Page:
South Korea’s Air Taxi ‘Planar’ can travel at 217 mph

“Rebuild sky to be a place where everybody can access” – Plana Aero

South Korea, the fifth largest country in the world producing passenger cars, is now geared up for entering the aircraft or, more precisely, “air taxi”.

A Startup company Plana Aero founded by Braden J. Kim Ph.D. (CEO), Minyoung Ahn (CSO/COO), and Jinmo Lee Ph.D. (CPO) in July, 2021 is working on a long range eVTOL (electric vertical take-off and landing) air taxi “Planar”. The company’s vision is to rebuild the sky as a place that everyone can access. 

This air taxi is supposed to travel at the speed of 217 mph with 350 miles range. The technology runs on batteries and turbine generators. The model satisfies the powertrain architecture with six tilt rotors. The fuselage of this aircraft is rather long and slim, with canards at the front. Out of 6, 4 tilt-rotors face upwards while the rear two face downwards during the VTOL operations. By the looks of it, the height of these tilt props is low at a person-mincing height, but the firm doesn’t seem concerned about it.

Planar – The Air Taxi

The Company Planned to Target the Commercial Certification by 2024

The company shared that the air taxi “Planar” will meet the air by 2024. Korea’s air taxi technology must earn all the necessary certificates to start a commercial flight. There will be demonstration flights from August 2023 to March 2024, and a report will be released in May 2024. However, the company plans to target commercial certification and introduction into operation by 2028. 

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The Developers of “Planar” Concluded $10 Million in Investments

The Startup Company has recently concluded that the fundraising of their technology ‘Air Taxi’ is around $10 million, including the 2021 seed round. Participants in the pre-series A funding round included FuturPlay, Schmidt, Kibo Technology Fund, DSC Investment, Shinhan Asset Management, DT & Investment, Industrial Bank of Korea, and Xenoholdings Asia.

How is ‘Planar’ Compared to Other Air Taxis?

Developing Air Taxis has been a goal for many aerospace companies for years. It is expected that the public will be able to travel through these air taxis as soon as 2025. 

Besides South Korea, many other countries are in the race for advanced air mobility (AAM) manufacturing. The US, Germany, and China are among the leading countries in the race for air taxis. 

Germany’s All-Electric Aircraft

Germany, one of the best in the aerospace industry for the last two decades, is working too on air taxis. The German aerospace company Volocoptor completed its first flight successfully in December 2021 and is now set to launch the flight in 2026.

US’s Self-Flying Air Taxi

A US-based company Wisk Aero developed the first-ever self-flying air taxi. This self-flying air taxi includes multi-vehicle supervisors that intervene when needed.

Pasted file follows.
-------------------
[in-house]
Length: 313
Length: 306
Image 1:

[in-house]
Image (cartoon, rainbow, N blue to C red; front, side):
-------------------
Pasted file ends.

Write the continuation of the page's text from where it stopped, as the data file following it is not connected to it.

Another US-based company, Joby Aviation, received the necessary certificates from the Federal Aviation Administration (FAA) to start their commercial air service. However, the company is taking time to launch its first commercial flight and improve its technology.

China’s “E20”, an All-Electric Vehicle

China’s five-seater electric air taxi has entered the testing phase and is expected to launch for commercial use in 2024. China’s air taxi successfully took the test flight with an empty cockpit in Dubai for 90 minutes. “This is the first step in achieving the dream,” said the Executive Director of the Dubai Chamber of Commerce and Industry.

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Routes for the Air Taxi in South Korea

Korea has planned routes for future air taxis by starting with a few Seoul Metropolitan areas. However, due to government regulations, flying air taxis is troublesome in Yongsan District. Thus, their goal is to start the commercial use of air taxis for tourism, first from Jeju island to other tourist spots. 

In other significant areas of Seoul, South Korea, the plan is to build around ten terminals for the air mobile that would connect all local bus stations and subways by the end of the decade. 

Will Planar become a successful Commercial Air Taxi?

The goal for aerospace technology is to find a way to minimize the traffic with an increasing population, which is expected to increase from 7.7 billion to  9.7 billion by 2050.

Where the features of the technology are advanced, it cannot be denied that the competitors are exceptionally tough. There is not much information about the technology except for its speed, passenger capacity and physical features. 

Although the speed at which Plana Aero’s ‘air taxi’ flies is faster than others, we have yet to see some other aspects of the technology that are not revealed, the fare being one of the most critical aspects of its success in commercial use. What are your thoughts about this new technology developed by a South Korean Company?

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